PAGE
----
Skip to main content

Cultural rights

The destruction of cultural and religious sites: a violation of human rights

24 September 2012


The destruction of cultural and religious sites constitutes a violation of human rights.

United Nations experts have spoken out against the destruction of Sufi religious and historic sites in Libya and the intimidation and excessive use of force against unarmed protesters opposing the destruction.

The destruction of Sufi sites started in October 2011 in Tripoli and continued in 2012 in other parts of Libya. In August 2012, several sites were also destroyed, including one of Libya’s most important Sufi shrines, Sidi Abdul-Salam al Asmar al-Fituri in Zliten, and the al-Shaab Mosque in central Tripoli. Tombs were desecrated and libraries were targeted.

“These events amount to a violation of numerous human rights provisions,” three UN experts said in a press release, highlighting the right to freedom of religion and belief, the right to enjoy and access cultural heritage, as well as the rights of religious minorities to the protection of their places of worship. The UN experts are Heiner Bielefeldt, Special Rapporteur on freedom of religion or belief, Rita Izsák, Expert on minority issues, and Farida Shaheed, Special Rapporteur in the field of cultural rights.

Sufism is a several centuries old mystic Islamic movement. However visits to Sufis tombs are considered as contrary to orthodoxy by some other parts of Islam".

“The attacks on Sufi religious sites require a swift and rigorous response by the authorities, without which they are likely to continue and spread,” the UN experts warned. Bielefeldt also stressed that such attacks “violate not only the rights of individual believers, but also send an intimidating signal to various communities attached to the places in question.”

Izsák expressed alarm over “the wanton and widespread destruction of important minority religious sites that has taken place before the eyes of the authorities and with no steps to prevent it.”

The destruction of Sufi religious sites in Libya brings to mind similar events that took place in Mali earlier this year.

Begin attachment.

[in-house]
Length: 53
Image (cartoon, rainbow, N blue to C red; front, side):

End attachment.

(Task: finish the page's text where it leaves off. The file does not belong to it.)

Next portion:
In July 2012, the sacred sites and mausoleums of the World Heritage site of Timbuktu in Mali were attacked with axes and shovels by fighters from the Ansar Dine group, an armed Islamist group which controls the northern part of the country.

The sites in Timbuktu were included in the UNESCO’s List of World Heritage in 1988. They are reminders of Timbuktu’s past as an intellectual and spiritual capital, and a focal point for spreading Islam in Africa.

The UN expert on cultural rights, Farida Shaheed, condemned the violent destruction of “a common heritage of humanity” in a joint press release with the UN expert on freedom of religion or belief, Heiner Bielefeldt.

Shaheed further stated that “it is a loss for us all, but for the local population it also means denial of their identity, their beliefs, their history and their dignity.”

Under the International Covenant on Civil and Political Rights, States parties must protect people’s freedom, either individually or in community with others and in public or private, to manifest their religion or belief in worship, observance, practice, and teaching. In addition, in those States parties in which ethnic, religious or linguistic minorities exist, persons belonging to such minorities shall not be denied the right, in community with the other members of their group, to enjoy their own culture, to profess and practise their own religion, or to use their own language. Under the International Covenant on Economic, Social and Cultural Rights, everyone has the right to take part in cultural life, which implies, according to the Expert in the field of cultural rights, the right of everyone to access and enjoy cultural heritage.

24 September 2012